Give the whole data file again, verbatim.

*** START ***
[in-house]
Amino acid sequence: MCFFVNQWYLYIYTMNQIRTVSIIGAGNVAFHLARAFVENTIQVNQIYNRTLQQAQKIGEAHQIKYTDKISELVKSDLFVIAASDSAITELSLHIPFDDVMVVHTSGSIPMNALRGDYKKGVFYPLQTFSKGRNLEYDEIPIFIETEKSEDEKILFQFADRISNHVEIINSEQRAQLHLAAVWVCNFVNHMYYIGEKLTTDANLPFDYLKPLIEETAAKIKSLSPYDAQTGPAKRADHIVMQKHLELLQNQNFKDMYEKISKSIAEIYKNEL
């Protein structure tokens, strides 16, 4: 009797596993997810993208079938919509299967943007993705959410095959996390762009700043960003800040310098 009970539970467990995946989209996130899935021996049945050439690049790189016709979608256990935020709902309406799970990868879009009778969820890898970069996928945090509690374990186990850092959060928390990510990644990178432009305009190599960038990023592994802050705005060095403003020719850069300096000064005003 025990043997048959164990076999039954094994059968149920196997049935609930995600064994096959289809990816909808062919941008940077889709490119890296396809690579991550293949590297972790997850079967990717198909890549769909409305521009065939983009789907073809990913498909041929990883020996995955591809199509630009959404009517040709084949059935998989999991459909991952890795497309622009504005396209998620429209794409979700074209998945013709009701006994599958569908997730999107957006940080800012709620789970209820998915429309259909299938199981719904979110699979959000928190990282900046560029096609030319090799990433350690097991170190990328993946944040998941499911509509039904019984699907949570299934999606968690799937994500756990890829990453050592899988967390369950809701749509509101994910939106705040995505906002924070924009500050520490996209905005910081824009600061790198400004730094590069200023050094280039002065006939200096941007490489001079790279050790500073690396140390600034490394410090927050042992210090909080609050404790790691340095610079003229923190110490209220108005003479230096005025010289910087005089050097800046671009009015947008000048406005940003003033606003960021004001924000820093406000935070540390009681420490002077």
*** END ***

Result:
[in-house]
Amino acid sequence: MCFFVNQWYLYIYTMNQIRTVSIIGAGNVAFHLARAFVENTIQVNQIYNRTLQQAQKIGEAHQIKYTDKISELVKSDLFVIAASDSAITELSLHIPFDDVMVVHTSGSIPMNALRGDYKKGVFYPLQTFSKGRNLEYDEIPIFIETEKSEDEKILFQFADRISNHVEIINSEQRAQLHLAAVWVCNFVNHMYYIGEKLTTDANLPFDYLKPLIEETAAKIKSLSPYDAQTGPAKRADHIVMQKHLELLQNQNFKDMYEKISKSIAEIYKNEL
């Protein structure tokens, strides 16, 4: 009797596993997810993208079938919509299967943007993705959410095959996390762009700043960003800040310098 009970539970467990995946989209996130899935021996049945050439690049790189016709979608256990935020709902309406799970990868879009009778969820890898970069996928945090509690374990186990850092959060928390990510990644990178432009305009190599960038990023592994802050705005060095403003020719850069300096000064005003 025990043997048959164990076999039954094994059968149920196997049935609930995600064994096959289809990816909808062919941008940077889709490119890296396809690579991550293949590297972790997850079967990717198909890549769909409305521009065939983009789907073809990913498909041929990883020996995955591809199509630009959404009517040709084949059935998989999991459909991952890795497309622009504005396209998620429209794409979700074209998945013709009701006994599958569908997730999107957006940080800012709620789970209820998915429309259909299938199981719904979110699979959000928190990282900046560029096609030319090799990433350690097991170190990328993946944040998941499911509509039904019984699907949570299934999606968690799937994500756990890829990453050592899988967390369950809701749509509101994910939106705040995505906002924070924009500050520490996209905005910081824009600061790198400004730094590069200023050094280039002065006939200096941007490489001079790279050790500073690396140390600034490394410090927050042992210090909080609050404790790691340095610079003229923190110490209220108005003479230096005025010289910087005089050097800046671009009015947008000048406005940003003033606003960021004001924000820093406000935070540390009681420490002077």